Emphasis in education for people with impaired vision has largely concentrated on communication skills, teaching reading and writing through aids such as braille and augmented computer accessibility. Very little emphasis is placed on mobility which is key to living a life integrated into society.
By Chris Buchanan
Jenny lives her life as a companion for the visually impaired. She has grown up among the visually impaired and understands the hazards that confront those with limited sight every day. Her day is one of giving mobility to those who, despite the fact are able to read, write and communicate, cannot get around.
She never complains about her work and provides her essential service with enthusiasm and a broad smile on her face, confident that her visually impaired companion lives a more complete life with her there to assist them. Jenny is a guide dog with the SA Guide-Dogs Association for the Blind.
I met Jenny on a warm Winter’s afternoon at the Association’s offices in Paulshof in Johannesburg where she, and her handler, Permit Nncube, Senior Guide Dog Mobility Instructor, were about to take me on a frightening and disorientating journey into a world of darkness.
Basic mobility and orientation
Earlier in the day I had a taste of what it’s like to do simple tasks like identify the difference between a R10 and a R200 note while blindfolded. Any mistake in paying for transport or for goods and services, can cost you R190! Although the notes are different in size, there is no identifiable feature to tell any difference between the two.
Queen Molefe, Orientation & Mobility Practitioner Supervisor, handed me a money template into which you slide the note, and feeling the corresponding edge on the end, tells you the size and, therefore, the value of the note. Without it, you rely on your sense of touch, and mine was nowhere near proficient enough.
So, how then would you combine the senses of touch and hearing to get from one point to another using a cane? Pieter van Niekerk, Head of Public Relations at the Association, walks as naturally with a cane as I do with 20:20 vision. The cane gives him enough sensory information for him to muti-task as he walks ahead of us down a narrow, winding pathway, through the grounds of the campus.
It was my turn to walk from one room to another, a chair as my starting point, through a door, down a passage to the second door on the left and back. Again, I was blindfolded with only the tip of the cane to give me the information I needed to make my journey. Queen Molefe gave me pointers but ensured I moved entirely out of my comfort zone as I gingerly found my way back to the starting point
Touch and sound are an incredible combination when you really need them and I made the short, few steps with alternative sensory overload, compensating for the 80% of the senses our sight provides. Put your trust in the cane and it will show you the way.
All about trust
And trust is the cornerstone of the relationship between an unsighted person and their guide dog. Jenny is trained to negotiate the simplest of obstacles in a methodical and consistent procedure. Get to a step and she stops. Your trust in her action, means security in your next move, up or down the step.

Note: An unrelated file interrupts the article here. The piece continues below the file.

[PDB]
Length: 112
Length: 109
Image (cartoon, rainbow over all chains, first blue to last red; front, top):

If Jenny nudges you to the right or left, she does it knowing that you will avoid an obstacle, which may be a bollard or a sinkhole. It’s not the extremity of the obstacle that concerns her, it’s the objective of seeing you through it safely and with confidence and trust. Without putting my trust in Jenny, I might as well have stayed at home.
What I thought was a short series of kerb crossings, stairs and winding obstacles, turned out to be 400 metres of fairly tricky obstacles that Jenny took me through with confidence and assurance. It was through the campus of the Association, along a quiet road and with Permit at our side. To do the same through the Cape Town, Johannesburg or Sandton CBD, is something I couldn’t contemplate without absolute trust in the guide dog at my side.
Pieter told us the dogs are bred and raised to adolescence at the Association, where they’re trained and fostered until they find a permanent companion. SA Guide-Dogs Association also provides assistance dogs for people with other disabilities other than sight impairment, as well as autism assistance dogs.
Humility and respect
I removed my blindfold and waited a few minutes while my eyes adjusted to the hard Winter’s light. I felt relief at being able to see again and evaluate the journey I had taken with Jenny. I was overwhelmed with humility for these animals and their handlers who prepare them for a life’s work at the side of their companion – their best friend.
It is for those who wake up every day, relying on their best friend, or a cane, for mobility, and who do so in darkness, unable to appreciate a beautiful sunrise, that my true admiration lies.
When next you encounter the SA Guide-Dogs Association for the Blind at your local shopping centre, put some money in their tin or donate some food for the dogs – it’s where a large chunk of their funds come from, and you’ll keep that smile on Jenny’s face and a wag in her tail.
Visit the SA Guide-Dogs website and make a donation.